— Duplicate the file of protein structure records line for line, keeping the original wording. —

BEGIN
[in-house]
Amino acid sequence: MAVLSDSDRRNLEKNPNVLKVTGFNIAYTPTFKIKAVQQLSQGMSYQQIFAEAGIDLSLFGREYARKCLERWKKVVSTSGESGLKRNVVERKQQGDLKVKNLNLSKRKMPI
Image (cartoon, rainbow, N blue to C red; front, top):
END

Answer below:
[in-house]
Amino acid sequence: MAVLSDSDRRNLEKNPNVLKVTGFNIAYTPTFKIKAVQQLSQGMSYQQIFAEAGIDLSLFGREYARKCLERWKKVVSTSGESGLKRNVVERKQQGDLKVKNLNLSKRKMPI
Image (cartoon, rainbow, N blue to C red; front, top):